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Tuesday, May 3, 2011

Relationship Watch - Love is a verb

Image: hinnamsaisuy /
I'll admit it.  Right now, I'm fairly squarely in the "cynic" camp when it comes to the happily ever after fairytale.  I don't believe in "one true soul mate" for each of us, or easy relationships of "destiny".  But...does that mean I don't believe in relationships that last?  Hell no.  Let me explain.

I attended my youngest cousin's wedding on Saturday night, and it was indeed, very reminiscent of the fairytale couple.  Meeting her husband to be straight out of high school, courtship leading to co-habitation, eventually to proposal and then finally to the exchange of vows this weekend just gone; all up, they have been going strong for almost a decade.  Sitting watching the beautiful outdoor ceremony fresh out of a ten year relationship/marriage that produced two children, and just on the first pages of a new relationship, I had a lot of pondering to do on the nature of "love", commitment and the ties that we chose to bind us together.

One of the most important conclusions I've come to in the last few years as I tried to salvage my failing marriage, then as I processed the fact that it was, in fact, well past the point of no return, is that "in love" is a myth, at least in the long term.  Do I believe my cousin still loves her husband?  Absolutely.  But I don't think she is "in love" with him, in that all consuming, no-longer-have-a-choice way that we feel when first we fall for someone.  At some point, love becomes a choice.  And this key point is part of my belief that arranged marriages are, in fact, not altogether such a horrific idea as they sound.

When I was a teenager, the occupying factor in my head was: Why do relationships start? Or, put in more accurate hormonal teen-speak: How do I get the hot guy on the bus to kiss me?  Staring down the barrel of my thirties, I can answer this one, finally.  Relationships start for any reason and no reason at all - they begin because of attraction, fear, boredom, loneliness, the "click" factor, circumstance and convenience.  In fact, all things considered, relationships begin fairly effortlessly if you don't care much about the quality or potential of them.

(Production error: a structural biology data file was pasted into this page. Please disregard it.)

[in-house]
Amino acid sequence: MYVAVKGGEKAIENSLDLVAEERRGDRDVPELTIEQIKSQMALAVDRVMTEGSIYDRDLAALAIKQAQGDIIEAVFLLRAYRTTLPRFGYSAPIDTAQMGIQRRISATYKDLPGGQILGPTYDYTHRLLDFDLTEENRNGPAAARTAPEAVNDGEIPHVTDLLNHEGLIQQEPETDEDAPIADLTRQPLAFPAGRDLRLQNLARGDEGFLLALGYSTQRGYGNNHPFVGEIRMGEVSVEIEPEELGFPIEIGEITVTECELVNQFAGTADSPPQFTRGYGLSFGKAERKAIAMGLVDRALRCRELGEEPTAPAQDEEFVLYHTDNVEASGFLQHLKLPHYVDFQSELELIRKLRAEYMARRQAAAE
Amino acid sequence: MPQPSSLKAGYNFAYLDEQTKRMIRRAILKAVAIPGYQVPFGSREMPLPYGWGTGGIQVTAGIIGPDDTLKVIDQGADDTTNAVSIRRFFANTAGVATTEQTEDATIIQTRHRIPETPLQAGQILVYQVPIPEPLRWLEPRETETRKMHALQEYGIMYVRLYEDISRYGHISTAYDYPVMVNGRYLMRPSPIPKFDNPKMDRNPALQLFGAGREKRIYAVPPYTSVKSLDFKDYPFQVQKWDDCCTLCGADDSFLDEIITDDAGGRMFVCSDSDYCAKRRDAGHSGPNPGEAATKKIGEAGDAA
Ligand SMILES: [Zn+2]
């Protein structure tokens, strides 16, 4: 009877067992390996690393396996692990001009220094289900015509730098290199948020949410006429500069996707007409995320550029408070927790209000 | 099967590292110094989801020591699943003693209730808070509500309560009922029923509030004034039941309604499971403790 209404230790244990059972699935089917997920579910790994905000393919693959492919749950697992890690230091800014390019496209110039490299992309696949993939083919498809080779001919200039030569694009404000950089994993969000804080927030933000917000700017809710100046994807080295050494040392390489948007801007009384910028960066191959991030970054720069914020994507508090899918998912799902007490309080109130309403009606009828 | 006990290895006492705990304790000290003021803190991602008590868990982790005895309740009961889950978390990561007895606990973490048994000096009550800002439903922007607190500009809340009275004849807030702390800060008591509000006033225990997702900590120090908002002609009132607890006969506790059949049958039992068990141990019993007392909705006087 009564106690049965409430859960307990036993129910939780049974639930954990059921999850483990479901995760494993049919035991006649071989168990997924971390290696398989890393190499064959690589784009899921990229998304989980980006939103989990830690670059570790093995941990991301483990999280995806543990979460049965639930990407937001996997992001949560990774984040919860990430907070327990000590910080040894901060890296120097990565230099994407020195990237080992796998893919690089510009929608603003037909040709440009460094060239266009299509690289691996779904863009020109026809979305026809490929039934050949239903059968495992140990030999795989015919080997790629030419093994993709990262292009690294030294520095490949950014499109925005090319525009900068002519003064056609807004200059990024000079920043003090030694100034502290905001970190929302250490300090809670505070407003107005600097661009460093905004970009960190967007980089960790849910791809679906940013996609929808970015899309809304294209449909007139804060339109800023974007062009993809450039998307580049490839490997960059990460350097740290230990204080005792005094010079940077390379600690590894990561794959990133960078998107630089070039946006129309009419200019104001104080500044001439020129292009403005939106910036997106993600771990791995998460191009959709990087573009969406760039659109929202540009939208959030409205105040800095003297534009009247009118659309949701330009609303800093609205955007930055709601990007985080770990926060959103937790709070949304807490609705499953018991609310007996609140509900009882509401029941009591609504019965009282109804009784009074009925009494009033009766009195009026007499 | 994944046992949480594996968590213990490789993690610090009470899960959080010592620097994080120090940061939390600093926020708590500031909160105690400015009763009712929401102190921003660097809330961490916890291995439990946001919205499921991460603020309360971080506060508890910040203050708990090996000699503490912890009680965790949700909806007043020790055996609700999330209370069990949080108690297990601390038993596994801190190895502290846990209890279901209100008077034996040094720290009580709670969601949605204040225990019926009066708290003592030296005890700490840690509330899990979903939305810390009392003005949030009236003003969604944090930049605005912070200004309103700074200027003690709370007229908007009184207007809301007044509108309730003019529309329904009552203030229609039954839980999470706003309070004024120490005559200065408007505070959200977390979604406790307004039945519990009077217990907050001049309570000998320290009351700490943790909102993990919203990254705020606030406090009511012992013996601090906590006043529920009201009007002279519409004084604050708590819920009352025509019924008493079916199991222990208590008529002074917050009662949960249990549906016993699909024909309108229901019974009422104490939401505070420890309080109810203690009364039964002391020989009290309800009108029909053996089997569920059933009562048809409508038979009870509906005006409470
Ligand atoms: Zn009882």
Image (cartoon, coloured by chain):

What has fascinated me more in the last five years is the deeper question; Why do relationships last?  And in a word, I think the answer lies in choice.  Whatever attracts us in the first place, whatever creates that passionately "in love" roller coaster, there is a certainty that the hormonal rush will end, and when it does, we are left with this: Do we CHOOSE to continue to act in a loving way, and therefore love, in an active sense, our partner.  Or, do we believe that love is a transient intangible that merely takes us for a ride, dies and we are left with no recourse to save it?

The answer, I think, lies in how you handle that period of awakening as the first flush of in love lifts away and you begin to be able to see the relationship in the greater context of your life.  You see your partner as a whole person, with all of their own nuance, flaws and graces.  If you can continue to choose to come back to "us" with them, even when you are not feeling loving, you have a recipe for deepened knowledge of each other, respect, friendship and life long commitment.  If, however, you blithely assume that the ship will steer itself so long as you cling on to the transient emotion of love, you have a recipe for disaster and divorce.

This is where it is crucial to realise that true love - that life long partnership we are aching for - is a verb, not an adjective.  Love is not an emotion that waxes and wanes of it's own volition.  Love is a verb we can choose to undertake every day - even when we are not feeling so loving.  Especially when we are not feeling loving towards our partners.  When it all seems too hard and we don't want to.  When we feel like we shouldn't have to, because what have they done for me lately.  When we're tired, and sore, and sick and really why should we bother.  Because in choosing to act in a loving way - a thoughtful gesture, a kind word, going out of your way for your spouse - these things will also serve to reconnect us with the inner emotion of love.  To reconnect our partners with us, and pour another layer that will cement our bond to each other even further.

Because let's face it, ultimately building your relationship with your partner IS doing yourself a favour.  If you plan to spend your life together, any effort you expend to build your relationship will be repaid to you in the greater joy and connection you share together.  Put yourself back into the "us" and you'll both reap the rewards.

1 comment:

  1. Ohhhhhhh my Kath... you should submit this... somewhere... so well written... love it :)